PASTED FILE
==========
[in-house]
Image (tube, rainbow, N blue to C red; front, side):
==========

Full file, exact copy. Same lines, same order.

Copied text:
[in-house]
Image (tube, rainbow, N blue to C red; front, side):